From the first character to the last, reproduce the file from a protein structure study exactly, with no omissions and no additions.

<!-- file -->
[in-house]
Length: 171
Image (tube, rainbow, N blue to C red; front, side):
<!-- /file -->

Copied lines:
[in-house]
Length: 171
Image (tube, rainbow, N blue to C red; front, side):